The first American flag, 1926-1927 signed and dated 'Thos. L. Hunt 1926-7' (lower right) oil on canvas 78 x 90in overall: 84 x 96in
PROVENANCE: Collection of The Elks Club, Los Angeles, California, commissioned from the artist, 1926 Christie's, California, Western and American Paintings Auction, November 4, 1988, lot 34 Private collection, Rancho Santa Fe, California
LITERATURE: Ruth L. Westphal, Plein Air Painters of California, The Southland, Irvine, California, 1982, p. 149.
Born in Canada, Thomas L. Hunt settled in Southern California in 1924 and became a real estate developer in Hollywood and San Bernardino. At this time, Hunt built a small art studio for himself on the Coast Highway and became involved with the Laguna Beach art colony. Eventually he became a founding member of the Laguna Beach Art Association.
Thomas Hunt was commissioned by the Elks Club of Los Angeles in 1926 to paint a scene that portrayed the raising of the first American flag in California. This scene marked the end of the war with Mexico and the signing of the Treaty of Guadalupe Hidalgo in 1848, the oldest treaty still in force between the United States and Mexico. As a result of this treaty, the United States acquired more than 500,000 square miles of valuable territory and emerged as a world power in the late nineteenth century.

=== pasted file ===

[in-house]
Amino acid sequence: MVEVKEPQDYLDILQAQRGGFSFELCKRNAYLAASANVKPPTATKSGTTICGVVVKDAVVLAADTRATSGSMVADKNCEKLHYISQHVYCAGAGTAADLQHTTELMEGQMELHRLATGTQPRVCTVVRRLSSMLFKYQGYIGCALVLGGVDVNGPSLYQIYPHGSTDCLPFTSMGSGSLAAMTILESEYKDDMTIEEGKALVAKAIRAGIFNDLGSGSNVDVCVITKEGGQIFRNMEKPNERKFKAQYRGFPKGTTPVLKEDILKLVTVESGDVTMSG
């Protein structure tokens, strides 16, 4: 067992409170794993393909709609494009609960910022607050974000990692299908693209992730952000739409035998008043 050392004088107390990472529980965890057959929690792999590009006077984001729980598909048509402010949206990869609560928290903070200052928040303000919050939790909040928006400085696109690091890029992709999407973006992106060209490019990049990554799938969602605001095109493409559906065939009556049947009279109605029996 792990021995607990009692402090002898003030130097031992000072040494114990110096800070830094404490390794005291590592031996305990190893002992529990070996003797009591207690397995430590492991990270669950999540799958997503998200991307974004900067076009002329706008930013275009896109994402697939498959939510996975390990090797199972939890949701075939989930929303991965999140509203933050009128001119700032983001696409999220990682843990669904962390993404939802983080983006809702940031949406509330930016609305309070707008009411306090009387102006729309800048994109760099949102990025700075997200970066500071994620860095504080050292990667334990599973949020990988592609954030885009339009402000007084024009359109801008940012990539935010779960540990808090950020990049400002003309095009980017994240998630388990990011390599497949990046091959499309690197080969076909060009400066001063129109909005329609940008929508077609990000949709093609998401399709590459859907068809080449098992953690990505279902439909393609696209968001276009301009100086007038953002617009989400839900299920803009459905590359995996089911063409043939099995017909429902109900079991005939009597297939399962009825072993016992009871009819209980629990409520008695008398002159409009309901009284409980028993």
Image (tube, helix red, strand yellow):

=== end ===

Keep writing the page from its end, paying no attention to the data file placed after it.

An ambitious canvas in its size and subject, The First American Flag illustrates the hallmarks of Hunt's unique approach to painting by reducing an image to a few key elements, simplifying both color and form to create an overall patterned design. One critic commented in 1928 that "we feel in his pictures the sparkle and tang which brings to us the life of the sea, for Mr. Hunt is an interpreter of beach scenes and fishing boats. These paintings vibrate with light effects induced by means of broken color. They are decorative and in several of them a pleasing effect is gained by the absence of aerial perspective...Mr. Hunt's painting will delight the observer who loves the vigor and sparkle produced by use of pure color". (Ruth L. Westphal, Plein Air Painters of California, The Southland, Irvine, California, 1982, p. 150).